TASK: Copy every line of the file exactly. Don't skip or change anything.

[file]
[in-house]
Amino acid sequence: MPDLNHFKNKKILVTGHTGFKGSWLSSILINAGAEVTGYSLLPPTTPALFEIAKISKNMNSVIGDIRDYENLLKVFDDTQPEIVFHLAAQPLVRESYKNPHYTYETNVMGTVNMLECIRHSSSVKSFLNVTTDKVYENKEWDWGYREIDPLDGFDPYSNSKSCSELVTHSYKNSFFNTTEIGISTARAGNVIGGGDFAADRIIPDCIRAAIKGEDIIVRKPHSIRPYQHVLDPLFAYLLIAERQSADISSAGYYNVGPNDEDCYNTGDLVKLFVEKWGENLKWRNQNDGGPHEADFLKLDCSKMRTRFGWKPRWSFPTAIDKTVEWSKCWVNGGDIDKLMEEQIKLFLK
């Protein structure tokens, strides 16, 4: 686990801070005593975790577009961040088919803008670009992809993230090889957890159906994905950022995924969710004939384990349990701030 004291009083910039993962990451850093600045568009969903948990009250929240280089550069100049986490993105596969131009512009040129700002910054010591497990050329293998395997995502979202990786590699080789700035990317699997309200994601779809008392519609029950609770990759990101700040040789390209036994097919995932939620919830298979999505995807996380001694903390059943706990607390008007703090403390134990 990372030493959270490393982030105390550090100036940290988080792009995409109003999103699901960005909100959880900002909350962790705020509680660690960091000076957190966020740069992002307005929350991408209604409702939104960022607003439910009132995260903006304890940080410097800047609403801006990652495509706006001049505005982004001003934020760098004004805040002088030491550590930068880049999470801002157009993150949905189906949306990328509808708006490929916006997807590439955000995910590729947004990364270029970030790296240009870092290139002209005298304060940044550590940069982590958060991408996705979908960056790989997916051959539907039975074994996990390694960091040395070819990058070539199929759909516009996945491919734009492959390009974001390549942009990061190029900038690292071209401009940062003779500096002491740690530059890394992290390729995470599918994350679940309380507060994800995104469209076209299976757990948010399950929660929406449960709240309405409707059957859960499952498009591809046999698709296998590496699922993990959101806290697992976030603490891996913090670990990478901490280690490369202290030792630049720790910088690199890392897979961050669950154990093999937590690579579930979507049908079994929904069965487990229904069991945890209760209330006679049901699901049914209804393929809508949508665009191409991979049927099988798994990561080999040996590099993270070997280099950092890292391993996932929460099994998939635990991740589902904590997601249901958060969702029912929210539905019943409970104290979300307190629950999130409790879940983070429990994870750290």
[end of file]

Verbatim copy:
[in-house]
Amino acid sequence: MPDLNHFKNKKILVTGHTGFKGSWLSSILINAGAEVTGYSLLPPTTPALFEIAKISKNMNSVIGDIRDYENLLKVFDDTQPEIVFHLAAQPLVRESYKNPHYTYETNVMGTVNMLECIRHSSSVKSFLNVTTDKVYENKEWDWGYREIDPLDGFDPYSNSKSCSELVTHSYKNSFFNTTEIGISTARAGNVIGGGDFAADRIIPDCIRAAIKGEDIIVRKPHSIRPYQHVLDPLFAYLLIAERQSADISSAGYYNVGPNDEDCYNTGDLVKLFVEKWGENLKWRNQNDGGPHEADFLKLDCSKMRTRFGWKPRWSFPTAIDKTVEWSKCWVNGGDIDKLMEEQIKLFLK
């Protein structure tokens, strides 16, 4: 686990801070005593975790577009961040088919803008670009992809993230090889957890159906994905950022995924969710004939384990349990701030 004291009083910039993962990451850093600045568009969903948990009250929240280089550069100049986490993105596969131009512009040129700002910054010591497990050329293998395997995502979202990786590699080789700035990317699997309200994601779809008392519609029950609770990759990101700040040789390209036994097919995932939620919830298979999505995807996380001694903390059943706990607390008007703090403390134990 990372030493959270490393982030105390550090100036940290988080792009995409109003999103699901960005909100959880900002909350962790705020509680660690960091000076957190966020740069992002307005929350991408209604409702939104960022607003439910009132995260903006304890940080410097800047609403801006990652495509706006001049505005982004001003934020760098004004805040002088030491550590930068880049999470801002157009993150949905189906949306990328509808708006490929916006997807590439955000995910590729947004990364270029970030790296240009870092290139002209005298304060940044550590940069982590958060991408996705979908960056790989997916051959539907039975074994996990390694960091040395070819990058070539199929759909516009996945491919734009492959390009974001390549942009990061190029900038690292071209401009940062003779500096002491740690530059890394992290390729995470599918994350679940309380507060994800995104469209076209299976757990948010399950929660929406449960709240309405409707059957859960499952498009591809046999698709296998590496699922993990959101806290697992976030603490891996913090670990990478901490280690490369202290030792630049720790910088690199890392897979961050669950154990093999937590690579579930979507049908079994929904069965487990229904069991945890209760209330006679049901699901049914209804393929809508949508665009191409991979049927099988798994990561080999040996590099993270070997280099950092890292391993996932929460099994998939635990991740589902904590997601249901958060969702029912929210539905019943409970104290979300307190629950999130409790879940983070429990994870750290």